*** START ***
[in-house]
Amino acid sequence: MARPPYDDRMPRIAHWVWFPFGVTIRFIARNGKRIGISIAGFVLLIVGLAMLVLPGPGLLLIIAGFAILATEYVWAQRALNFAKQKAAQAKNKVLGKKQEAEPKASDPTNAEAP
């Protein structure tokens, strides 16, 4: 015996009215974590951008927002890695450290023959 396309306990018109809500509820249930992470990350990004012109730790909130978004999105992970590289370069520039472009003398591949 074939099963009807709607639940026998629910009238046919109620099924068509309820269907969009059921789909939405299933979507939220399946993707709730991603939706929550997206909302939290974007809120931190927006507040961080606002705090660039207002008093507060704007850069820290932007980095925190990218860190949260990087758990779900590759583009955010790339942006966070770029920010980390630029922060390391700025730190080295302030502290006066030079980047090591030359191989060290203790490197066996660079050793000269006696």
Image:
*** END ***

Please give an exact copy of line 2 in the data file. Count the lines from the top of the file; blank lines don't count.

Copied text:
Amino acid sequence: MARPPYDDRMPRIAHWVWFPFGVTIRFIARNGKRIGISIAGFVLLIVGLAMLVLPGPGLLLIIAGFAILATEYVWAQRALNFAKQKAAQAKNKVLGKKQEAEPKASDPTNAEAP